Wednesday, February 11, 2015

Make your R plots interactive


As a part of my daily job, I draw scatterplots, lots of them. And because there are thousands of genes expressed in any mouse or human tissue, my typical plot looks something like this (code). (Actually, it is a comparison of variance that can be attributed to "sex" factor in mRNA vs. protein expression.)

The question is - what is a gene in the top right corner? And what is the one next to him? And this one? And that?

What we need is a clickable scatterplot. Something I can point with a mouse and get a corresponding gene name. Then click and my browser would open a window with the gene's details (for example in Ensemble). And thanks to ggvis package, it is now possible. Try the following code:

In the case above there must be R running somewhere behind, translating points to gene symbols and Ensemble links. How to share this figure with somebody who does not have R on his or her machine? One possibility is to run it on or your private shiny server.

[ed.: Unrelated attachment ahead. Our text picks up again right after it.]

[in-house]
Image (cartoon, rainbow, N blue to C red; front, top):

The second way to add interactive annotation is iplot function in the new Karl Broman's interactive testjs package. It produces Javascipt widget that can be easily saved and share as html page (code).

And with a little help of shiny, we can do even more: Mike Love has a nice example (mtcars_demo in his Github repository), see the widget below. Click on a dot in the left panel makes the corresponding dot in the right panel highlighted (the trick is clickId option in  shiny::plotOutput).

Mike's approach is similar to identify function in basic graphics. The output is a position on an image and you need to find the nearest point afterwards.

I tried something similar with ggvis's SVG objects, so you can set up "on_click" or "on_hoover" events directly (see mtcars_demo here). Click either on left or right panel and the corresponding dot in the opposite panel gets highlighted.

For more complex visualisations, D3.js is a must. However, if you just need to add a bit of interactivity to your R plots, thanks to ggvis, shiny, htmlwidgets, ... it is now possible.

PS. Matt Sundquist sent me the first graph made by plotly that is very cool. More about that maybe later. The trick to edit "on_hover" text is described here.

Variability Explained by Sex